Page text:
How I Capture Screen Shots

Screen shots are great. They help create a visual that can replace a lot of written text instructions. There are plenty of options out there.

First off, show me the free options

Don’t want to spend money and buy software. Most operating systems contain some free options.

  • Windows 7 – The Snipit Tool will do screen captures.
  • Windows XP – There’s no built in tool. Press the print screen button (Prt Scn). It will save the image in your clipboard. Just paste it anywhere you want. You’ll have to use some tool to crop the portion you want.
  • Mac OS X – Type in Command-Shift-3 to capture the full screen, or Command-Shift-4 to capture a portion of the screen. For the latter option, your cursor will change and you can select the portion of the screen you want to capture. Images will be saved on your desktop.

What about a more advanced way

I use Techsmith Snagit to capture screen images. It’s been on the market for a long time and is a great tool. There was a recent promotion that let me upgrade my Windows version to the latest version and also get a copy of the Mac version as well. The Mac version was just released.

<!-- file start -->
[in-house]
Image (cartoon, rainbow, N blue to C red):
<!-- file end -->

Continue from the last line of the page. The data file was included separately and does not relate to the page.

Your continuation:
If you need to capture screen images often, Snagit comes with many predefined workflow processes. For example, you can click a button to capture a portion of the screen, save it at a certain resolution, and copy it to your clipboard. I use this when creating user manuals. There are tools out there that will automate these functions but I still prefer to do this manually to capture the right images.

The new Snagit also has the ability to capture just portions of the menu bar, great if you’re trying to display navigation.

Published by Daniel Hoang

Daniel Hoang is a visual leader, storyteller, and creative thinker. As an experienced management consultant, he believes in a big picture approach that includes strong project leadership, creative methods, change management, and strategic visioning. He uses a range of visual tools to communicate business challenges, solutions, and goals. His change strategy is to build "tribes" of supporters and evangelists to drive change in culture and organization. Daniel is an avid technologist and futurist and early adopter.